China Macro Insight
As the geopolitical tensions and weakening global demand continued to impact China's trade performance, China has been working to reduce its dependence on the developed markets. China's efforts to diversify its export portfolio through new markets and products in recent years have been successful in mitigating the effects of these downside risks, and in opening up new avenues for long-term growth.
China has been diversifying its export portfolio
China is an export powerhouse. The dollar value of its goods exports overtook Japan in 2003, the US in 2007 and Germany in 2008, and it is now by far the largest goods exporter in the world. In 2022 it exported almost double the goods of its closest rival, the US. China is now the biggest trading partner for more countries than any other.
However, since the start of the US-China trade war in 2018, China has been facing a challenging economic environment, with increased tariffs on its exports to the US and other trade tensions with major trading partners in developed markets. In response, China has been diversifying its export portfolio to reduce its dependence on the US-centred developed markets. It has also been ‘moving up the value chain’, focusing on higher value-added products. As such, China’s market concentration index has fallen to 0.006 in 2023 Q1 from 0.011 in 2018, suggesting a more diversified export portfolio (Figure 1).
Chinese exporters find new opportunities
One of the key strategies that China has implemented to diversify its export portfolio is to expand its exports to new markets. According to data from China's customs, China's exports to the US fell by 17% y/y in 2023 Q1, while its exports to countries along the Belt and Road Initiative (BRI) increased by 10%. The BRI is China's ambitious infrastructure development and investment program that aims to connect Asia, Europe, and Africa through land and maritime networks. Through the BRI, China has been able to expand its exports to economies and regions such as ASEAN, Russia, Central Asia, and the Middle East, which have become important new markets for Chinese exports.
In addition to the BRI countries, China has also been focusing on increasing its exports to other emerging markets such as South Asia and Latin America. China's exports to South Asia increased by 3.8% y/y in 2023 Q1, while its exports to Latin America increased by 0.5%. These regions offer significant growth potential for China's exports, as they have large and growing populations and, in the case of India, growing middle classes. However, India’s decision not to join the RCEP trade agreement, as well as geopolitical tensions, may limit the scope for China building market share. India is also trying hard to position itself as a production hub for some consumer products that China currently dominates, such as smartphones.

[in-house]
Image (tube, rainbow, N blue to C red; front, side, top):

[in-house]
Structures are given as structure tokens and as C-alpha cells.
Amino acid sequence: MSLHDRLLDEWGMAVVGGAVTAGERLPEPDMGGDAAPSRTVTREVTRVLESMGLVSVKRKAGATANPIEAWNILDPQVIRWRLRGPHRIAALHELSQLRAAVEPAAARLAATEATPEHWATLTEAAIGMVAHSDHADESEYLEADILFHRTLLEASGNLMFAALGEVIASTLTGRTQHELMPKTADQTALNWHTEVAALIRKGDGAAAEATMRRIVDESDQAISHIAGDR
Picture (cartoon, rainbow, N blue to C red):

Overall, shipments to emerging markets have compensated for weak demand from developed markets. Looking ahead, export growth is likely to stay in positive y/y territory in April due to base effects. However, there is a possibility that by the end of 2023 Q2, merchandise exports may decline due to concerns about elevated inventory levels and the impact of tightened interest rates on consumer and business demand all over the world.
Climbing up the quality ladder: China’s “new three items”
Another strategy that China has employed to diversify its export portfolio is to increase its focus on higher value-added products. Historically, China has been known for exporting lowcost, labour-intensive products such as textiles, toys, and consumer electronics. However, in recent years, China has been shifting its focus to more value-added products such as autos (particularly EVs), lithium-ion battery and solar cells, known as the “new three items” (Figure 4). These products are benefited from the global trend towards energy transition and transport electrification and will continue to grow robustly.
Furthermore, China has been importing more crude oil from Russia since the war in Ukraine, a 33% y/y growth in volume terms in 2023 Q1. Strong exports of refined petroleum products in 2023 Q1, a 77% y/y growth, reflects the re-direction of energy trade flows following the sanctions on Russian energy products. With Europe no longer buying Russian refined products, more Russian crude is being shipped to China to be refined and then re-exported.
In sum, China has been successfully diversifying its export portfolio since the start of the USChina trade war. By expanding its exports to new markets, such as the BRI countries, Africa, and Latin America, China has reduced its dependence on the US market and has mitigated the impact of the trade war. In addition, by focusing on higher value-added products, China has been able to enhance its competitiveness in the global market and has opened up new opportunities for growth. While geopolitical tensions and weakening global demand have created significant challenges for China's trade, it has also forced China to rethink its export strategy and has encouraged it to explore new markets and new product lines. As a result, China's export portfolio has become more diversified and more resilient, which will help to support its long-term economic growth.
If you are keen to hear more about our views on China and global economy, please refer to Global Economic Outlook and/or get in touch with our CRU economists:
Henry Hao: Hangwei.Hao@crugroup.com
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